A very different work was that by Andres Carranza showing at the Klemens Gasser and Tanja Grunert Gallery, Called Territorial Marking, the original name appears to have been Territorial Pissing, which perhaps better describes what it it about. Curators Mitra Khorasheh and Elsie Herget presumably decided that was a bit too rude. Completed over two weeks, the installation is an extraordinary explosion of colour, little sketches and doodles not only fill the walls but also skitter over the floor. So unlike most artworks where you can’t touch, here you are forced to walk upon it the drawings and paintings which are slowly being degraded. I love the idea of the artist as animal, marking out his territory by pissing paint over the gallery. Among the paint markings on the walls are smaller paintings that are almost camouflaged. It was a fascinating way to display them.
My favourite installation unfortunately doesn’t photograph well. It is this piece by Hans Haacke called Together; it is a re- visitation of Circulation which he first created in 1969. It is a very simple concept; water and air are pumped through an intricate network of transparent tubes. Having just walked up the stairs, you don’t forget for a moment that you are in a gallery but the bubbles in the tubes, which move and reform, give you the unexpected sensation that you are on a beach at low tide looking at runnels of water returning to the sea.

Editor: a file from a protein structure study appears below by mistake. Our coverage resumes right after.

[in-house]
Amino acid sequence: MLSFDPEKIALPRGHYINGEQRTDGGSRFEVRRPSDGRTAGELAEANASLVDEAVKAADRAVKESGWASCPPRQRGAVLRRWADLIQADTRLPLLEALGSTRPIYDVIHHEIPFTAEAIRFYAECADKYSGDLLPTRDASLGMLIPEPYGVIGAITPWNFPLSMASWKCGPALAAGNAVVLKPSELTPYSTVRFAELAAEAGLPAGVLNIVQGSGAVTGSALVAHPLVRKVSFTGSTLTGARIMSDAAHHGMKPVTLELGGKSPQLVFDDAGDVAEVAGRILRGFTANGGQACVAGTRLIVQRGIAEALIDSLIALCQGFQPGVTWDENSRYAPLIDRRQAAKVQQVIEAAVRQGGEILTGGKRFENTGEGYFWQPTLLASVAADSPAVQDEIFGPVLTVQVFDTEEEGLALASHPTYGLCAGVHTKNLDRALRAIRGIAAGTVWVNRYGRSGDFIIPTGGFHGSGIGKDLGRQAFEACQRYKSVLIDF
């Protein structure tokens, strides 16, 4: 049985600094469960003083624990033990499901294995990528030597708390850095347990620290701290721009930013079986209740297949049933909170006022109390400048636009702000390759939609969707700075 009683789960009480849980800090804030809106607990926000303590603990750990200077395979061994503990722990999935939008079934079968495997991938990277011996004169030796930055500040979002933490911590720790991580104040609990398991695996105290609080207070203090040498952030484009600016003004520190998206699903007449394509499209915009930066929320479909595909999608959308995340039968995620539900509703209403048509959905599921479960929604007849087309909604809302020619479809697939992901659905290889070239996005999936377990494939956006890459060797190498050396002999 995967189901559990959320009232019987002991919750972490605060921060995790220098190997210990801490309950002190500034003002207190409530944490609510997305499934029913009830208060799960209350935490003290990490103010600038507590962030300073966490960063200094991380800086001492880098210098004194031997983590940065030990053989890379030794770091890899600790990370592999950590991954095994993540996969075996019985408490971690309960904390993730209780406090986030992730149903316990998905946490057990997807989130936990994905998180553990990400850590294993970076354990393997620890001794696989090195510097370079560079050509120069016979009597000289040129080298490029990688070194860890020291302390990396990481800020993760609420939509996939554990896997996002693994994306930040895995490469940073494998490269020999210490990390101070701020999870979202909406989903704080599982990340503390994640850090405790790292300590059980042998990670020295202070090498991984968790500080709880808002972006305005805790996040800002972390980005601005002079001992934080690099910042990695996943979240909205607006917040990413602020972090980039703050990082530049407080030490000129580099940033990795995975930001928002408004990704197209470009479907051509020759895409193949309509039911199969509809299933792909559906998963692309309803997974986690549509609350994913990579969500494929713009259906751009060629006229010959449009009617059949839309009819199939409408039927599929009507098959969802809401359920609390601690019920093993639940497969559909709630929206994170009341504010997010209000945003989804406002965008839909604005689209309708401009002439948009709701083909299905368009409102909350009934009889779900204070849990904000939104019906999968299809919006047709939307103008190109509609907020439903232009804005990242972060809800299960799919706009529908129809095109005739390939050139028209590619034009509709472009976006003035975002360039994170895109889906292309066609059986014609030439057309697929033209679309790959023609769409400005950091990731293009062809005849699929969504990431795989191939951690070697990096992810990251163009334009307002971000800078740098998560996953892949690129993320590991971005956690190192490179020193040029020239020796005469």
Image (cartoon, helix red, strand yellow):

It really made me want to see the other works Haacke has created on a sea theme, particularly Wide White Flow which judging from You Tube is even more spectacular. There was however the chance to see the maquette for GiftHorse which will occupy the fourth plinth in London’s Trafalgar Square. It is based on an engraving by George Stubbs and around its leg there is some ticker tape which will display the London Stock Market ticker which is supposed to be an oblique reference to the Adam Smith’s 1776 book The Wealth of Nations. More often than not, I am disappointed by the fourth plinth displays. Katharina Fritsch’s Big Blue Cock was better than most. I didn’t like Nelson’s Ship in a Bottle by Yinka Shonibare; I am not convinced that I will like Gift Horse any better. It seems over thought out and contrived. Looking at the fluidity of the tubes and the brilliance of Wide White Flow, I suddenly realised it is the plinth itself that is the problem not the invited artists: the fourth plinth is simply not very suited to contemporary art. Constraints can spark the imagination but the Trafalgar Square plinth has a personality of its own – and not a good one. It seems actively to want yet another sculpture of a white dead man; and without one, it sulks and tries to make the sculptures look stupid; like it or not, that is the sort of plinth it is.